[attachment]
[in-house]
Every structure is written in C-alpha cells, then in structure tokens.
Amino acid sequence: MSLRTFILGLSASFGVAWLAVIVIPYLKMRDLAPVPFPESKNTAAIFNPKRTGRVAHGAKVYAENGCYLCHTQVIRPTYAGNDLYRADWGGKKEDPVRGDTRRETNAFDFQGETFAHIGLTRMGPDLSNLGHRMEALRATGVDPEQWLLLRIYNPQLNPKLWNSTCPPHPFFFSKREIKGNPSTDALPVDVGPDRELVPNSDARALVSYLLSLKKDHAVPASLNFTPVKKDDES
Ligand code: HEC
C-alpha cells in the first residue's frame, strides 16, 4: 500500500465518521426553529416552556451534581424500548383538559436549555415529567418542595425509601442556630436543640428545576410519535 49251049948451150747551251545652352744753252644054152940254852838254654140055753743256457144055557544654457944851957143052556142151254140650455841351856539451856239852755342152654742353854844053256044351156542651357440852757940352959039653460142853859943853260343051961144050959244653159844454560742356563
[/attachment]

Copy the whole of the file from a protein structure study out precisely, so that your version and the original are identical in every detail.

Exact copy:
[in-house]
Every structure is written in C-alpha cells, then in structure tokens.
Amino acid sequence: MSLRTFILGLSASFGVAWLAVIVIPYLKMRDLAPVPFPESKNTAAIFNPKRTGRVAHGAKVYAENGCYLCHTQVIRPTYAGNDLYRADWGGKKEDPVRGDTRRETNAFDFQGETFAHIGLTRMGPDLSNLGHRMEALRATGVDPEQWLLLRIYNPQLNPKLWNSTCPPHPFFFSKREIKGNPSTDALPVDVGPDRELVPNSDARALVSYLLSLKKDHAVPASLNFTPVKKDDES
Ligand code: HEC
C-alpha cells in the first residue's frame, strides 16, 4: 500500500465518521426553529416552556451534581424500548383538559436549555415529567418542595425509601442556630436543640428545576410519535 49251049948451150747551251545652352744753252644054152940254852838254654140055753743256457144055557544654457944851957143052556142151254140650455841351856539451856239852755342152654742353854844053256044351156542651357440852757940352959039653460142853859943853260343051961144050959244653159844454560742356563